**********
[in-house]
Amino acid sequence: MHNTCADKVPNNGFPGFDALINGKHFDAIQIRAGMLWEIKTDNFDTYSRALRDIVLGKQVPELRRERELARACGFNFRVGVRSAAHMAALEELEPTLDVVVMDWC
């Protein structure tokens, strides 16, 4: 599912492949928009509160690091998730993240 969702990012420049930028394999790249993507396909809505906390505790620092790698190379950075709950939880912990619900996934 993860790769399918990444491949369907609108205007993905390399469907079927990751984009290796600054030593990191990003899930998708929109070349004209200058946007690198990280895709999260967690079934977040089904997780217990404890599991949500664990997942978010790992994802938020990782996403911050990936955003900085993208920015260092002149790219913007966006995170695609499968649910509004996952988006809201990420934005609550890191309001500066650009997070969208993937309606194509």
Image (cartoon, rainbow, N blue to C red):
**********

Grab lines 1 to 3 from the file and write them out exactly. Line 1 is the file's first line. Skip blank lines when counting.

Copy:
[in-house]
Amino acid sequence: MHNTCADKVPNNGFPGFDALINGKHFDAIQIRAGMLWEIKTDNFDTYSRALRDIVLGKQVPELRRERELARACGFNFRVGVRSAAHMAALEELEPTLDVVVMDWC
């Protein structure tokens, strides 16, 4: 599912492949928009509160690091998730993240 969702990012420049930028394999790249993507396909809505906390505790620092790698190379950075709950939880912990619900996934 993860790769399918990444491949369907609108205007993905390399469907079927990751984009290796600054030593990191990003899930998708929109070349004209200058946007690198990280895709999260967690079934977040089904997780217990404890599991949500664990997942978010790992994802938020990782996403911050990936955003900085993208920015260092002149790219913007966006995170695609499968649910509004996952988006809201990420934005609550890191309001500066650009997070969208993937309606194509």